Dembski further makes the claim that the doctrine of redemption presupposes S; but this seems to me to be fairly obviously false, for reasons similar to those I have already discussed.
Dembski is more successful with two points: that (some) natural evils could exist as a preemptive response to human sin; and that Genesis 1 should be seen as primarily a way of describing divine purposes rather than the natural events that result from them. The latter is found, in a different variant, among the Greek Fathers. The former is technically true, but seems to me to get us nowhere, except into a terrain of mere speculation; I don't see any way we could know which natural evils exist in this way (and in what way they are brought into the divine plan for this purpose) unless we were explicitly told by God. There is no serious argument, as far as I know, that this has been revealed. So it remains a speculative possibility. Dembski in recognizing this is right in recognizing that there are certain sorts of evils that can be willed without fault -- just punishment of the guilty, for instance, always involves willing that someone experience penalty. It is a point usually forgotten. But recognizing that natural evils can be willed faultlessly is itself enough to deal with all but a handful of the theological issues involved in natural evil; there's no need for such an elaborate apparatus beyond that, particularly given that there is no reason to attribute all natural evils to human will.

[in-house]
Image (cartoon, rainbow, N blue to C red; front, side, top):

I think Alejandro goes a bit far at certain points in his criticism (e.g., I don't think Dembski's point is that the Garden of Eden was any sort of God-induced illusion), but I agree with him on his primary points: (1) S, the foundation of the problem Dembski is trying to solve, really isn't very plausible at all. (2) Dembski's solution seems a Red Queen's race. In the Red Queen's country we have to run as fast as we can to stay in one place. I do think certain parts of the solution are clever; but it seems an awfully elaborate apparatus to keep things exactly one way, particularly given that the problem for which it is a solution doesn't seem to be genuine. (3) There is no serious theological need for claims that human beings are the crown of creation. Unless it's used in a qualified sense, I don't see any way to make it consistent with Christian theology, which has always tended to regard human beings as (to use C. S. Lewis's phrase) creatures of the margin -- we are not the center of the universe or crown of creation in any evaluative sense. Of course, by reason we have dominion over creation; but this has usually been considered a dominion of use -- it's just the straightforward fact that through reason we have some ability to use things as we please. So it does not matter one way or another whether there is any extraterrestrial intelligence or not; nothing about the human place in the universe really changes.
Theologically there are two obvious reasons to make use of the story of Adam and Eve: (1) the unity of the human race; and (2) original sin, for which I direct you to the answers to Rebecca Stark's recent quiz on original sin. However, for theological purposes, it does not (as far as I can see) matter whether you take the whole story of Adam and Eve in a realistic or an instrumentalistic fashion. As long as the story makes the relevant theological points, it really doesn't matter.